Le Carré is a genius at finding the apt metaphor, the telling detail, the reported smell or sound that somehow conveys the feeling of a place or a moment. I’m learning (belatedly, obviously) that in his best books he combines that luxurious gift with an equally brilliant knack of maintaining suspense and pace across a very complex plot. In The Honourable Schoolboy he doesn’t quite manage to do that–which makes it, not a bad book, but not as good a book as it could have been. I know I’m not alone in thinking that: other Le Carré fans have chimed in to say they agree about Schoolboy and to promise better things from Smiley’s People. And so, I’ll read on!

Posted in Le Carré, John | Leave a comment

This Week In My Classes: Some Good News

daffodilsThe good news isn’t specifically about what’s happening in my classes this week (although I hope there is some connection): it’s good news about my teaching more generally. This week I learned that I am this year’s recipient of the Faculty of Arts and Social Sciences Award for Excellence in Teaching.

Regular readers of Novel Readings will know that I put a lot of time, thought, and energy into my teaching. (Novel Readings itself includes an extensive archive of that process over the past decade.) Teaching is one of the most demanding parts of my job, and sometimes one of the most frustrating, but it is also the part that is most rewarding and that seems likely to make the biggest difference in the world–not in any big, cataclysmic way, but in the “incalculably diffusive” way so beautifully invoked in the Finale to Middlemarch. Precisely because its effects are so variable, so diffuse, and so intangible, teaching is a very difficult process to measure–and to measure the success of. The recognition by my peers and my students that this award represents is thus especially precious, a rare marker on a long, winding, and often foggy road.

cassatGiven the role that Novel Readings has played in my teaching life–as a vehicle for reflection and a place where I have both shared and received ideas and encouragement about teaching–it is gratifying to know that my blogging was part of the case made on my behalf, and that my success at generating “conversations both within the university and in wider circles” was cited by the committee that selected me to receive the award this year. I started blogging about pedagogy when this kind of outward-facing work was still relatively uncommon for academics and was (as it still largely remains) not entirely congruent with the university’s standard operating procedures. I have found it intrinsically valuable, for the process itself and for the conversations and communities it has brought me into. For that reason alone I would keep it up in any case, but I admit it is nice to have some institutional recognition that it contributes to our core mission.

On a more personal note, as most of you know the last couple of years have been a bit rocky for me professionally; as a result I have often found myself, both professionally and psychologically, in either a defensive or a defiant posture. I’ve been nominated for this teaching award before, and I didn’t have any particular reason to think that this time would be the charm. Still, I figured that if I wasn’t the one this time, at least I wouldn’t be any worse off than before. I underestimated, however, just how much better it would make me feel to actually win it. It feels great! It’s easy to tell yourself (again, defensively or defiantly) that you don’t need anyone’s approval to keep doing what you think is worth doing as well as you can do it, but that doesn’t mean approval isn’t nice to have.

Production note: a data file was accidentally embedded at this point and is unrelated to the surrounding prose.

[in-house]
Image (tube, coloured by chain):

peacockAnd it has felt even better sharing my good news and basking in people’s happiness on my behalf. I got a lot of help from my friends, both online and off, when things went badly for me; now everyone has been wonderfully supportive about this good news. Social media certainly has its down sides (as we are only too well aware at this point), but there’s also something magical about the way it creates a vast web of connections–intangible perhaps, but still very real–between so many people across such distances. I hesitated before putting my good news out there in case it seemed self-aggrandizing, but I’m so glad I did. Why should we be afraid to invite a bit of cheering for our accomplishments, after all?  I was reminded of one of my favorite points from Molly Peacock’s wonderful and inspiring book The Paper Garden. Peacock emphasizes how much her subject Mary Delany benefited from the “applause” of her friends, which spurred her to further artistic accomplishments. “Compliments,” Peacock observes, “aren’t superficial … They are the foundation of recognition of who we are in life.” She describes Delany as pinning her friend’s admiration “to some emotional equivalent of a ‘gown or apron'” so that in later life, when she needed it, she could “[dress] herself in its esteem.” I will certainly draw strength in the future from the praise of my friends, colleagues, and, especially, my students.

Thank you very much to everyone who wrote in support of my nomination, and to everyone who has celebrated this good news with me.


Posted in Peacock, Molly, Personal, This Week In My Classes | 9 Comments